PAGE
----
Deploy and management

This section outlines the various ways to set up, configure and initialize a Toolkit Setup. There are two fundamental approaches to running Toolkit: A traditional project based setup and a ToolkitManager API that allows for more flexible manipulation of configurations and installations.

Traditional project setup

The traditional Toolkit ‘pipeline approach’ means that you pick an existing Shotgun project and run a Toolkit project setup for this project. This is typically done in Shotgun Desktop or via the tank setup_project command. A Toolkit configuration is installed in a shared location on disk and a pipeline configuration in Shotgun is created to create an association between the installation on disk and the project in Shotgun.

Once the installation has completed, you can access functionality via the tank command for that project or run sgtk.sgtk_from_entity() or sgtk.sgtk_from_path() in order to create an API session.

Bootstrapping Toolkit

An alternative to the traditional project based setup was introduced in Core v0.18 - the ToolkitManager class allows for more flexible manipulation of toolkit setups and removes the traditional step of a project setup. Instead, you can launch an engine straight directly based on a Toolkit configuration. The manager encapsulates the deploy and configuration management process and makes it easy to create a running instance of Toolkit. It allows for several advanced use cases:

  • Bootstrapping via the Toolkit manager does not require anything to be set up or configured in Shotgun. No extensive project setup step is required.
  • A setup can be pre-bundled with for example an application plugin, allowing Toolkit to act as a distribution platform.
  • The application bundles that are required can be stored anywhere on the local machine or the network via the use of the SHOTGUN_BUNDLE_CACHE_FALLBACK_PATHS environment variable.
  • The Toolkit manager makes it easy to track remote resources (via the sgtk.descriptor framework).

The following example code can for example run inside maya in order to launch Toolkit’s default config for a given Shotgun Asset:

import sgtk

# Start up a Toolkit Manager
mgr = sgtk.bootstrap.ToolkitManager()

# Set the base configuration to the default config
# note that the version token is not specified
# The bootstrap will always try to use the latest version
mgr.base_configuration = "sgtk:descriptor:app_store?name=tk-config-default"

# now start up the maya engine for a given Shotgun object
e = mgr.bootstrap_engine("tk-maya", entity={"type": "Asset", "id": 1234})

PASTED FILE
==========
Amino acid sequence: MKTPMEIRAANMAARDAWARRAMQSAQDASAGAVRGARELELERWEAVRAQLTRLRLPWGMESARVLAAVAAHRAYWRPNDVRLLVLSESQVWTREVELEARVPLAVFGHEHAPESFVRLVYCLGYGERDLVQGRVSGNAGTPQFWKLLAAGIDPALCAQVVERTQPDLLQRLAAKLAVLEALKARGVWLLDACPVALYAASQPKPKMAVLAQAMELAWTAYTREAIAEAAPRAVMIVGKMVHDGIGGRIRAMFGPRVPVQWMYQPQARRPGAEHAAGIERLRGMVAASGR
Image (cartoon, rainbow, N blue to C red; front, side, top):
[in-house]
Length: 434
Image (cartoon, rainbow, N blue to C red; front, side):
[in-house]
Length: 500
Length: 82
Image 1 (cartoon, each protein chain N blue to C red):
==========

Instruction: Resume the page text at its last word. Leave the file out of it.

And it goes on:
Note that the example is primitive and for example purposes only as it will take time to execute and blocks execution during this period.

In this example, there is no need to construct any sgtk.Sgtk instance or run a tank command - the ToolkitManager instead becomes the entry point into the system. It will handle the setup and initialization of the configuration behind the scenes and start up a Toolkit session once all the required pieces have been initialized and set up.


class sgtk.bootstrap.ToolkitManager(sg_user=None)[source]

This class allows for flexible and non-obtrusive management of toolkit configurations and installations.

Parameters:sg_user (ShotgunUser) – Authenticated Shotgun User object. If you pass in None, the manager will provide a standard authentication for you via the shotgun authentication module and prompting the user if necessary. If you have special requirements around authentication, simply construct an explicit user object and pass it in.

Serializes settings that impact resolution of a pipeline configuration into an object and returns it to the user.

This can be useful when a process is used to enumerate pipeline configurations and another process will be bootstrapping an engine. Calling this method ensures the manager is configured the same across processes.

Those settings can be restored with ToolkitManager.restore_settings().


Note that the extracted settings should be treated as opaque data and not something that should be manipulated. Their content can be changed at any time.

Returns:User defined values.
Return type:object

Restores user defined with :methd:`ToolkitManager.extract_settings`.


Always use :methd:`ToolkitManager.extract_settings` to extract settings when you plan on calling this method. The content of the settings should be treated as opaque data.